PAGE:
If the only time you sit down for a chat with your employees is during an appraisal, you risk turning it into something they dread.
The easiest way to make the situation less stressful is to have one-to-one chats throughout the year. Talk as often as you can to employees about work, development, life, music, fashion – anything.
Regular discussions help create a bond that makes the appraisal process more relaxed and productive.
And there’s an additional benefit: employee engagement. According to Gallup, employees whose managers regularly communicate with them are almost three-times more engaged at work.
Recruitment specialist, Sellick Partnership, make appraisals easier for both parties by holding monthly review meetings.
“Our monthly reviews give employees the opportunity to review their performance with their line manager on a monthly basis, giving them time to address and voice any issues or make any suggestions they have for the business. This is also an opportunity for the Senior Management Team (SMT) to communicate their thoughts on the individual’s progress and share any training opportunities and provide guidance where needed,” founder Jo Sellick told Small Business.
It’s an approach worth considering.
2. Talking too much
For an employee to improve you need to agree on an action plan based on a shared conversation.
When delivering your appraisal of the employee’s performance, take the time to listen to their point of view.
Let them talk through their self-assessment form.
If they’ve underperformed in a certain area, let them tell you why. There’s probably a good reason.
3. Evaluating attitude
An appraisal should be based on performance, not attitude. An employee that’s a bit quieter, more reserved and less openly enthusiastic than their team does not make them a bad employee. If they’re struggling, however, get to the root of the problem and work on an action plan that addresses it.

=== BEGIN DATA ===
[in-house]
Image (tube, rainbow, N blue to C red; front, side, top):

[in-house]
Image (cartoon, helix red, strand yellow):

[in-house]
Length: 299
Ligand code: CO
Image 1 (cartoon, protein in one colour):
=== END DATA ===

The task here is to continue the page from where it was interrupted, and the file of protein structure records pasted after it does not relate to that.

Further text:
4. Being critical without being constructive
Criticism only works if it’s constructive.
Follow up on every piece of negative feedback with an explanation of how the employee can improve. Otherwise, you’ll leave them feeling dejected, victimised and without any idea of how to change their situation.
5. Measuring all employees by the same criteria
Every employee should be appraised individually on their performance. For example, evaluating a new employee by the same criteria as your top performer can leave the former in an unrealistic position whilst the latter receives top marks.
6. Ignoring the bigger picture
As natural as it is to focus on recent performance, judging an employee on their work over the last few weeks or in a specific situation is dismissing the bulk of achievements in the lengthy period between appraisals.
There are numerous reasons why performance might have dipped – illness, stress, troubles at home, etc. Refer back to your notes you’ve been taking throughout the year to properly and fairly evaluate performance.
Appraisals are the best way to measure and reward performance. They help you identify skill gaps and training needs, unearth rising stars and challenge your staff to improve. They also give employees the chance to speak up about their worries, ideas and objectives.
The tips we’ve given here will help you plan and deliver positive appraisals for the benefit of employees and your business.
But don’t let these meetings be the only time you sit down with your team. Be a friendly face. Interact with staff regularly, monitor performance, discuss concerns and provide guidance. This makes appraisals easier for both parties. More importantly, it makes for happy employees.
Of course, this kind of casual contact is harder to achieve with remote teams, but it’s not impossible. Take time to reflect on the pressures that you and your colleagues are facing, and remain open to ideas for alleviating this pressure and helping everyone to achieve their goals.
Photo by Christina Morillo, published on Pexels